It wouldn't harm your wife to halve the dose of the antidepressant to see whether it reduces her paranoia but stopping suddenly can cause further unpleasant symptoms. I hope you can resolve this problem ; the last thing your lady needs is an extra troublesome symptom on top of her brain injury after effects. Good luck & best wishes to you both, Cat x

claretand
claretand in reply to cat3

Thanks, I have already spoken to the consultant and he advises that her meds will be reviewed every 3 months, this is despite me telling him what she suffering. She is also dizzy most of the time and I know this can also be a side effect, she has lost partial hearing since surgery, I been told numerous things, low blood pressure, damage to inner ear following surgery and most recently ear wax. We have an appointment with the neurosurgeon in the forthcoming weeks so hopefully we can resolve the issues.

cat3
cat3 in reply to claretand

Good to know your wife is due to see the neurosurgeon. Take a list of all issues with you and ask for referrals to all/any appropriate departments. And does your wife has regular blood pressure monitoring ?

claretand
claretand in reply to cat3

I do it daily, as your aware its difficult to determine if the symptoms are as a result of the injury or a side effect of the meds. It was a devastating injury, acute subdural haematoma, multifocal subarachnoid haemorrhage, double skull fracture, all compounded after emergency surgery due to a severe lung infection and sepsis.

cat3
cat3 in reply to claretand

Poor lady. I do know what awful symptoms low or high blood pressure can cause and, as you'd mentioned low blood pressure, I wondered whether your wife's blood pressure was stable or managed with medication.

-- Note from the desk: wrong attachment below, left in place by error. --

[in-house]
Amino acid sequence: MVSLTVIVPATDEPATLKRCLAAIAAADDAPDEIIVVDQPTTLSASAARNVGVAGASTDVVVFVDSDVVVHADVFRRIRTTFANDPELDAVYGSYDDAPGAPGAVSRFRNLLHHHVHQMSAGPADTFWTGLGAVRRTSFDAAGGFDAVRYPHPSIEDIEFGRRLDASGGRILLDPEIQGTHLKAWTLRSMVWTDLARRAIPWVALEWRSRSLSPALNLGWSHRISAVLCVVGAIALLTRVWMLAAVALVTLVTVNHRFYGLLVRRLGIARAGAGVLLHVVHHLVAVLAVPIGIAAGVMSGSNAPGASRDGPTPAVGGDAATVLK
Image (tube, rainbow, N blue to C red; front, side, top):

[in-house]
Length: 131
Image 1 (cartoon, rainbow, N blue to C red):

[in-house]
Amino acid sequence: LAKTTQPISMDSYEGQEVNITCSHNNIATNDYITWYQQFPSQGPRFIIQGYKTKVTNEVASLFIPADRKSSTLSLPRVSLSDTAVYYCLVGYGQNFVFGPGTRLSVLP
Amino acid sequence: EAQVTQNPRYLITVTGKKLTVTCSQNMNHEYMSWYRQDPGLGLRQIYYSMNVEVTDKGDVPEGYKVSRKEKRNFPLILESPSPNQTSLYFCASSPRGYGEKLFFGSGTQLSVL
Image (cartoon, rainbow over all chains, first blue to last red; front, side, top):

So it's good to know it's monitored daily. And I hope the upcoming appointment will lead to eventual answers to the unanswered questions and some helpful treatment options. x

Hi Claret sorry to hear about wife, I had Epilepsy since 14 and then being an old dear thought they are slowing down. Wham along comes my TBI /SAH . If I was you I'd call the hospital and explain situation and they might wean her off her pills slowly as you cannot just stop taking them. Guess you know all this but you have to be adamant and tell them she is not the same person on the pills . My Docs have been so helpful and some try to change my pills. With adverse effects burning in my tum etc = too strong for me ..So speak up for wife and do not let them give her pills that do not agree with her. Tell them she isn't the same person on these pills. You know your wife so be strong and be there for her xxxx Good luck as their must be a kinder pill out there.

Thanks for the advise, it seems to be one battle after another.

claretand the important thing is that for the carbamazapine to be effective as a mood stabilizer that your wife is chopping and changing from carbamazapine to tegratol and back again for them to work.

although the active ingredient in both is carbamazapine the other ingredients may be different, which will upset the balance and make your wife unstable.

claretand
claretand in reply to steve55

Hi Steve, I haven't been made aware of that. Her mood is fine and has been stable over the last 6 months. She says she feels worse after taking the tablets, it's difficult trying to find a solution.

steve55
steve55 in reply to claretand

it could be the fluoxetine ( the anti depressant ). either she doesnt need it, or its the wrong one for her.

if shes paranoid these cant be the only meds shes on?

fatigue is natural after a tbi, your best bet would be to find your nearest monthly headway group where you can talk to people who know what you are going through and meet people like yourself who put up with us.

The only meds she has is fluoxetine, carbamazepine and sodium docusate. Her carbamazepine says tegretol and the box and then carbamazepine and it. We have a local headway group but she wont venture out at the moment.